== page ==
According to the ancient Indian understanding, homosexuals were thought of simply as being 'the third nature' (tritiya prakti), rather than as perverted, deviant or sick. With its emphasis on psychology and cause and effect, Buddhism judges acts, including sexual acts, primarily by the intention (cetana) behind them and the effect they have.
We will now briefly examine the various objections to homosexuality and give Buddhist rebuttals to them. The most common Christian and Muslim objection to homosexuality is that it is unnatural and "goes against the order of nature". There seems to be little evidence for this. Miriam Rothschild, the eminent biologist who played a crucial role in the fight to decriminalize homosexuality in Britain, pointed out at the time that homosexual behaviour has been observed in almost every known species of animal. Secondly, it could be argued that while the biological function of sex is reproduction, most sexual activity today is not for reproduction, but for recreation and emotional fulfillment, and that this too is a legitimate function of sex.
Theravada Buddhist countries like Sri Lanka and Burma had no legal statutes against homosexuality between consenting adults until the colonial era when they were introduced by the British. Thailand, which had no colonial experience, still has no such laws. This had led some Western homosexuals to believe that homosexuality is quite accepted in Buddhist countries of South and South-east Asia. This is certainly not true. In such countries, when homosexuals are thought of at all, it is more likely to be in a good-humored way or with a degree of pity. Certainly the loathing, fear and hatred that the Western homosexual has so often had to endure is absent and this is due, to a very large degree, Buddhism's humane and tolerant influence. This has not always been the case though as the Dalai Lama and Tibetan Buddhism has had a different view on homosexuality.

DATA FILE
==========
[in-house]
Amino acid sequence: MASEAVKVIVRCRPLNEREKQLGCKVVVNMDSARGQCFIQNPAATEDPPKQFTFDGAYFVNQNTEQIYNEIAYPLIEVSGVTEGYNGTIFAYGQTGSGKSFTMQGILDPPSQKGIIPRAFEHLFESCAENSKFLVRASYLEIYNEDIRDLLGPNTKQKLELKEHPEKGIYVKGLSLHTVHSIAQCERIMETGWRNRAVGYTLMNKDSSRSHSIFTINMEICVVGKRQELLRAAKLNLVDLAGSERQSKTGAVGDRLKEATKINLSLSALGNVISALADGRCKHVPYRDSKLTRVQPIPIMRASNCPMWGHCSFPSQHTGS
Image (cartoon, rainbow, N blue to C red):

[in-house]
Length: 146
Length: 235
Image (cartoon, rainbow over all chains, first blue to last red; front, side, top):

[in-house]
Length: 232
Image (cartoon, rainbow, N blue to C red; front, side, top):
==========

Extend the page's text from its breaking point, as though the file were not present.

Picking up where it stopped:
At a press conference in 1997 the Dalai Lama said; 'From a Buddhist point of view (lesbian and gay sex)...is generally considered sexual misconduct.' As soon as he realized what he had done he immediately back-peddled. He called a meeting with gay and lesbian representatives, during which he expressed the 'willingness to consider the possibility that some of the teachings may be specific to a particular cultural and historic context'.
Exactly how does the law of kamma distinguish one orifice from another? Other problems arise when we realize that many male homosexuals practice intercural sex and mutual masturbation rather than penetrative sex. And exactly which sexual organ do lesbians use to penetrate the vagina of their partner? The Dalai Lama is also reported to have said that he had difficulty imagining the mechanics of homosexual sex, saying that nature had arranged male and female organs 'in such a manner that is very suitable...same-sex organs cannot manage well.'
With all due respect to the Dalai Lama, and I do have the highest respect for him, this statement shows both his ignorance and naivety concerning sex, and I might add, of some aspects of the Dhamma as well. What on earth have Buddhist ethical judgments got to do with two body-parts fitting together 'properly' or not? I often clean my ear with my finger despite it not fitting into my ear canal very well. Does this mean I make negative kamma every time I clean my ear?
James: And we must remember that monks have their own sexual code that has more restrictions than for the laity.